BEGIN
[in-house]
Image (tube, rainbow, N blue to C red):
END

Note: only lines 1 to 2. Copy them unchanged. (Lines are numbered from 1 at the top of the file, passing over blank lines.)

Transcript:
[in-house]
Image (tube, rainbow, N blue to C red):